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How (Not) to Have a House Party

It was Spring Break and Egypt went wild for six consecutive nights but all the hosting skills in the world couldn't have saved Timmy Mowafi's early morning after party...

"FUCKING JUNKIES. FUCKING JUNKIES. GET THESE LOSER JUNKIES OUT OF MY HOUSE. NAME ONE THING THESE FUCKING LOSERS HAVE DONE WITH THEIR LIFE. ONE! FUCKING JUNKIES. DISGUSTING... DISGUSTING!" My beleaguered sister screams at the top of her lungs as a flock of partygoers flea my Gouna villa in the early hours of the morning…

I heard that nothing good happens after 3 AM. Therefore, before I go out at night, I like to swap the PM and AM on my Blackberry’s clock. Problem solved. It was a reasonable 7 PM then, when the party I was at finished and I thought it a good idea to bring a couple of friends plus the lovely girl I was chilling with back to the villa in which my family resided for Easter holidays. Daft Punk’s new release was playing in my head… “She's up all night 'til the sun, I'm up all night to get some, she’s up all night for good fun, I'm up all night to get lucky!” Brilliant, right? No. It’s an unfinished manual for after parties; a false sense of cheerfulness playing only on the surface of conscience thinking, merely revealing the fluffy, happy ambitious side of the story. Fuck you, Daft Punk. Clearly the glare on your gay platinum helmets have distorted your vision. Then again, all the robotic vocoder effects in the world wouldn’t make a hit out of a hook like “Oh shit! This is a really bad idea! Please stop shouting at my friends!”

It started off pretty much as I hoped with the girl, a few close friends and I arriving just as the sun was coming up on a beautiful Gouna skyline above the beach lagoon. There were immediately some swimming pool frolics, the snooker table was out and some chill tunes vibrated from my laptop’s USB subwoofer. It was all a delightful juxtaposition to the usual after parties that transpire in Cairo which consist of five to six guys, ages ranging from 20 to 46, wearing sunglasses in a dark room dancing (twitching) to one Deep House song on repeat. If you’re lucky, there may be a girl as well but she’s probably passed out.

Safe in the knowledge that I am the best host in the world, I went inside the villa with the girl… to play some Monopoly. We never really got passed GO and I was as equally blue balled as the Daft Punk song. I come out after about 20 minutes to find my quaint little afteraya was fast turning into a khabtaya.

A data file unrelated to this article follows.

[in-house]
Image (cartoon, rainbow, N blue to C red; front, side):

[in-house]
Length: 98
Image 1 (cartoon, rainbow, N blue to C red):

Out of nowhere my guests had multiplied by 10; a guy walks in with massive speakers, the patio table looks like a scene from Scarface and there’s already the customary girl passed out in the corner. These people weren’t here for pool frolics, to watch the sunrise or just to hang out. No. They want alcohol, drugs or khabt music, in no particular order, preferably all three, and they want it now.

Surely, at this point, I should be thinking: my dear mama and papa are resting upstairs and genuinely frown upon haram things, my sister and her baby are finally asleep, as is my brother and his jet lagged girlfriend. Maybe I should wrap this up? Instead, despite the fact that I don’t know half of these people, and the part of me that went to private schools in the south of England looks down on them from an ostentatious ivory tower, I’m eager to please and feel an incredible pressure to make everyone comfortable.

I check the fridge; I have four beers and some basterma. It’ll have to do. I bring out the beers, with a cut of basterma in my mouth, to the now-agitated faces that twitched before me. I keep desperately turning down the volume and no one knows why exactly, as awkwardness ripples through the air. One guest wanders out of my eldest brother’s room nonchalantly with a snooker cue. My brother and his girlfriend wake up bemused and stagger outside, bleary-eyed. He laughs and gives me a “Yup, you’re fucked!” look and heads back to his room for plausible deniability. Then, just on cue, my mother calls my name as the Deep House track begins for the third time. “TIMMMEEY” – the kind of yell that’s been sending shivers down my spine since I was nine years old. My sister, having awoken too, decided it wasn’t enough to just ask me to make the ‘guests’ leave. She had to embarrass me and everyone there, deciding to come outside with her baby, in the midst of the khabatya and pretend to breast feed.

The ripple of awkwardness became a wave as guests sat confused, paranoid and anxious to leave. Perfect, I think. A pretty awkward but an understandable turn of events that means I don’t have to kick anyone out myself, right? Nope. Instead, for no reason other than pointless self-righteousness, I decide to fight for my right to a party I didn’t want in the first place. I told them that my sister was messing with me and they should carry on as they were. My sister takes it up a notch by changing the baby’s diaper out in the open; I retaliate by turning the volume up. It’s pretty obvious at this moment that the guests want to leave and I’m basically forcing them to stay and no one knows whether I’m punishing them, myself or my sister. A joint is then rolled by someone; my sister loses it with her over dramatic junkie rant and the wave of awkwardness turns into a tsunami, washing away all the guests with it, leaving me shipwrecked.